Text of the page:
8. Walk a Mile in Your Customer’s Shoes
Once you’ve analyzed your customers’ profiles and personalities, you should try to learn more about their habits, daily routines, and problems.
The information you’ve gathered can be used to create a customer journey map visualizing their personal and work life and the touchpoints with your business.
Walking a mile in your client’s shoes will allow you to understand them better, and ask more on-point questions in the next stages of the research.
9. Don’t Waste Time on the Wrong Audience
Finding a large enough population matching the ideal customer profile you defined for the research can be tough. Even when you have segmented all the customer databases at your disposal, you may still come short.
However tempting as it is, you should avoid including in your sample people who don’t fit the profile. They may help you reach the benchmark to make the data statistically relevant, but it will affect the accuracy of the results and may compromise the whole research.
In a way, knowing who is not on your target list is just as important as knowing who is.
10. Focus on the Customer, Not on Yourself
The market defines the business. Although a company can affect how the market changes and shape it over time, it cannot do it without deep knowledge of the customer. In a nutshell, that’s exactly the point of market research.
That said, it’s easy to slip into thinking that your efforts are about pushing forward what your company needs when they should actually be about staying ahead of what your customer wants.
The overall goal of the research, of course, is to leverage information for business gain. But your objectives en route should be to understand how the customer can benefit from your goals, so you can reverse-engineer their needs into your solutions.
In other words, while you are conducting your study, your focus should be on the customer. Once you have the results, you can make conclusions about how to leverage them for your company.
Tactics, Methodology, and Results
In this last section, we’ve gathered some final tips and tricks that will help you master managing the tactics, methodology, and results of market research:
11. Study the Competition
Competitors are part of the market environment and analyzing them can provide additional context to the results of your research. Regardless of what your goals are, knowing what other companies in your niche are doing and how customers feel about it will always be an advantage.
Updating your information about the competition and aligning it with your own objectives, will give you a strategic advantage and a different perspective.
12. Combine Different Research Methods
Every market research method has its limitations and using only one of them is not sufficient to achieve comprehensive results.
By combining different techniques, you can explore the problem from all angles, gain a broader perspective, and have a better understanding of possible solutions.
For example, if you want to break into a new market or launch a new product, in the initial stages of your study, you can do secondary research to obtain a more general overview of the market. Then, you can continue with focus groups and personal interviews that can provide qualitative data like unexpected customer insights, purchasing habits, and behavior patterns of your target audience.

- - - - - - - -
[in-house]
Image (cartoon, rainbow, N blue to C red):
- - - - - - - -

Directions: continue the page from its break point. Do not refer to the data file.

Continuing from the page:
Once you know your customers better, you can finish the study off by conducting surveys with closed-ended questions. This last step will enable you to leverage the results you’ve accumulated so far into obtaining quantitative data that can be used to make statistically valid conclusions.
13. Balance Qualitative and Quantitative Data
Qualitative data is often underestimated because it’s difficult to organize and present in reports. However, numbers and statistics can be easily misunderstood without context. That’s what qualitative results are for.
Analyzing them and cross-referencing the information with quantitative data will allow you to make sense of the numbers and understand what they mean.
To make valid and relevant conclusions, you should balance what you take from all methods, tactics, and sources, and include it in your report.
14. Open Your Report With a Summary
Once you are done with gathering data for your market research, you should organize it in a report that can be presented to team members and stakeholders.
However, raw facts and data can be overwhelming and, well, boring. To make your report worth the viewer’s time, it’s important to structure the information in a way that will make sense even to someone completely unfamiliar with the topic.
Consider starting with a summary of the most important conclusions to catch the viewer’s attention and give them clues about what to look for in the body of the report. This way, the rest of the information will be easier to digest and understand.
15. Update the Research Often
Market research is not something you can do only once and then forget about it. It’s an ongoing process and the results should be updated regularly.
The market is constantly changing and evolving, and what you’ve discovered half a year ago may not be valid today. Old data can be misleading and take your business decisions in the wrong direction.
Conducting market research can be beneficial for practically any aspect of your business.
By following your objectives throughout the study, experimenting with different techniques, and refining your questions at every stage, you can obtain credible knowledge about your customers and truly understand them. This will allow you to provide an exquisite UX, and grow your operations.
Although you need to keep in mind that mastering research takes knowledge, practice, and patience before it can help you improve your skills and accelerate your progress in the field.